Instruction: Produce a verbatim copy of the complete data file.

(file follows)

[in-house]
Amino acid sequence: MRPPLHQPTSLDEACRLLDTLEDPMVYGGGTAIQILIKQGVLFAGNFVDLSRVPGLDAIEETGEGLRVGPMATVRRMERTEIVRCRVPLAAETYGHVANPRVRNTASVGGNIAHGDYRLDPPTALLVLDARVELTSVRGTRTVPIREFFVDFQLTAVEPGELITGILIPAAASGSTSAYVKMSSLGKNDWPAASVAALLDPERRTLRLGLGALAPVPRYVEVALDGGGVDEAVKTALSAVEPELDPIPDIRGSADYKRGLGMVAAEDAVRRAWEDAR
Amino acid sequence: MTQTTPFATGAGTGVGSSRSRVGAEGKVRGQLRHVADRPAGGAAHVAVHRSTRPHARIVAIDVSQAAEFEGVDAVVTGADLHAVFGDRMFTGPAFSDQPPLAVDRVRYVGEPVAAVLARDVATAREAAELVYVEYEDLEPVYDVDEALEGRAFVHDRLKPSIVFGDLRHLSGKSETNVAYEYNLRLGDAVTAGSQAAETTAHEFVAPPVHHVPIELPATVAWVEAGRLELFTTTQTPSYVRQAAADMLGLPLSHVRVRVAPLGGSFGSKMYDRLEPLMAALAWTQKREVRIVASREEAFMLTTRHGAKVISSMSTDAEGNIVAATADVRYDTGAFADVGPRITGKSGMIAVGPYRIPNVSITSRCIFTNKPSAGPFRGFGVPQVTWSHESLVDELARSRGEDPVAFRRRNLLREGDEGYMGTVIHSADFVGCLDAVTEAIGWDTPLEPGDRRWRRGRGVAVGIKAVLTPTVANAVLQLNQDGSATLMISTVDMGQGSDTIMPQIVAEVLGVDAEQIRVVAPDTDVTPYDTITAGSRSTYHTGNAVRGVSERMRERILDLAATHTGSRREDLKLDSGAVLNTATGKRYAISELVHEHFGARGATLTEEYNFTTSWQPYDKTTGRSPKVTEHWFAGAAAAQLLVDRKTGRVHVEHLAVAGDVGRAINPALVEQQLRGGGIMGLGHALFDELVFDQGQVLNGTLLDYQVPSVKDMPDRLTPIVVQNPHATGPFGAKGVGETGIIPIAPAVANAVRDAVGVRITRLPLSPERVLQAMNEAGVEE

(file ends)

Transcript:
[in-house]
Amino acid sequence: MRPPLHQPTSLDEACRLLDTLEDPMVYGGGTAIQILIKQGVLFAGNFVDLSRVPGLDAIEETGEGLRVGPMATVRRMERTEIVRCRVPLAAETYGHVANPRVRNTASVGGNIAHGDYRLDPPTALLVLDARVELTSVRGTRTVPIREFFVDFQLTAVEPGELITGILIPAAASGSTSAYVKMSSLGKNDWPAASVAALLDPERRTLRLGLGALAPVPRYVEVALDGGGVDEAVKTALSAVEPELDPIPDIRGSADYKRGLGMVAAEDAVRRAWEDAR
Amino acid sequence: MTQTTPFATGAGTGVGSSRSRVGAEGKVRGQLRHVADRPAGGAAHVAVHRSTRPHARIVAIDVSQAAEFEGVDAVVTGADLHAVFGDRMFTGPAFSDQPPLAVDRVRYVGEPVAAVLARDVATAREAAELVYVEYEDLEPVYDVDEALEGRAFVHDRLKPSIVFGDLRHLSGKSETNVAYEYNLRLGDAVTAGSQAAETTAHEFVAPPVHHVPIELPATVAWVEAGRLELFTTTQTPSYVRQAAADMLGLPLSHVRVRVAPLGGSFGSKMYDRLEPLMAALAWTQKREVRIVASREEAFMLTTRHGAKVISSMSTDAEGNIVAATADVRYDTGAFADVGPRITGKSGMIAVGPYRIPNVSITSRCIFTNKPSAGPFRGFGVPQVTWSHESLVDELARSRGEDPVAFRRRNLLREGDEGYMGTVIHSADFVGCLDAVTEAIGWDTPLEPGDRRWRRGRGVAVGIKAVLTPTVANAVLQLNQDGSATLMISTVDMGQGSDTIMPQIVAEVLGVDAEQIRVVAPDTDVTPYDTITAGSRSTYHTGNAVRGVSERMRERILDLAATHTGSRREDLKLDSGAVLNTATGKRYAISELVHEHFGARGATLTEEYNFTTSWQPYDKTTGRSPKVTEHWFAGAAAAQLLVDRKTGRVHVEHLAVAGDVGRAINPALVEQQLRGGGIMGLGHALFDELVFDQGQVLNGTLLDYQVPSVKDMPDRLTPIVVQNPHATGPFGAKGVGETGIIPIAPAVANAVRDAVGVRITRLPLSPERVLQAMNEAGVEE